Failure to create a practical storage system has up to now prevented hydrogen from reaching the commercial forefront as a transportation fuel. The ideal hydrogen storage unit should be lightweight, compact, relatively inexpensive, safe, and reusable without the need for complex regeneration treatments. Four methods are currently being considered for hydrogen storage in commercial applications: (1) pressurized gas storage, (2) liquefied hydrogen, (3) selected metal hydrides, and (4) refrigerated superactivated carbon. While the latter two approaches may offer advantages over the other technologies with regard to cost and safety aspects, they do have their own drawbacks. Metal hydrides are heavy, expensive, and release heat during the hydrogen absorption process. Active carbons are very effective adsorption agents for a variety of gases; however, interactions between the adsorbent and the solid are only of a physical nature, and as such, retention of hydrogen can only be achieved at cryogenic temperatures. It is clear that both storage and controlled release of hydrogen at moderate conditions of temperature and pressure are major issues that must be addressed if this technology is to be exploited on a commercial scale. The ideal solution would be an inexpensive, lightweight material capable of not only absorbing and retaining hydrogen at room temperature and moderate pressures, but also possessing the ability to release the gas at moderate temperatures. One material that fulfills this requirement is graphite nanofiber.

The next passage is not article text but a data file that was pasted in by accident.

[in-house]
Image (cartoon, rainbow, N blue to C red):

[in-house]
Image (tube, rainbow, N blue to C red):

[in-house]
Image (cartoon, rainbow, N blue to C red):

Data obtained in our laboratory has demonstrated that when these structures are pretreated under conditions whereby all adsorbed and absorbed gases are eliminated, then on subsequent exposure to hydrogen at moderate pressures, they are capable of absorbing and retaining up to 30 liters of molecular hydrogen per gram of carbon at room temperature. Theoretical calculations made on the hydrogen absorption capacity of single-crystal graphite have indicated that it is possible to store 6.2 liters of molecular hydrogen per gram of graphite as a single flat layer. It is evident from these calculations that the experimentally determined absorption capacity of the material far exceeds that of the theoretical value, which indicates that the process occurs in a multilayer fashion. It is clear from these data that one could transport molecular hydrogen in a liquid-like state without need for refrigeration or the high volume and weight associated with compressed gas. The advantages of graphite nanofibers over other materials for hydrogen storage can be summarized as follows:

Fig. 9.3. Schematic representation of the structure of a graphite nanofiber and details of the hydrogen absorption process.

Future Requirements

It is clear that for the graphite nanofiber technology to go forward to the commercial arena it will be necessary to devote a significant amount of research effort and funding to the development of a large scale production process. In this endeavor the focus should be placed on a growth procedure that is continuous rather than merely a scaling-up of the current batch method. Control of not only the yield of material but also its physical and chemical properties are essential factors in being able to generate large quantities of graphite nanofibers possessing reproducible characteristics.


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Published: January 1998; WTEC Hyper-Librarian